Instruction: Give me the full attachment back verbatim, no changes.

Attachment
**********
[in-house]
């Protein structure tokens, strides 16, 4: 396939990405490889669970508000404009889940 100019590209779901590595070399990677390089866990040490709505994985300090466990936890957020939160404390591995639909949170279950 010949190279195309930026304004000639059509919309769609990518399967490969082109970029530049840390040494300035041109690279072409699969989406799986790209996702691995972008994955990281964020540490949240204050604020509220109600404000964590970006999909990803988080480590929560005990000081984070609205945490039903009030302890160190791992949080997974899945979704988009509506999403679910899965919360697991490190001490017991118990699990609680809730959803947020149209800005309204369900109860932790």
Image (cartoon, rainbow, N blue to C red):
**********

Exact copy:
[in-house]
């Protein structure tokens, strides 16, 4: 396939990405490889669970508000404009889940 100019590209779901590595070399990677390089866990040490709505994985300090466990936890957020939160404390591995639909949170279950 010949190279195309930026304004000639059509919309769609990518399967490969082109970029530049840390040494300035041109690279072409699969989406799986790209996702691995972008994955990281964020540490949240204050604020509220109600404000964590970006999909990803988080480590929560005990000081984070609205945490039903009030302890160190791992949080997974899945979704988009509506999403679910899965919360697991490190001490017991118990699990609680809730959803947020149209800005309204369900109860932790």
Image (cartoon, rainbow, N blue to C red):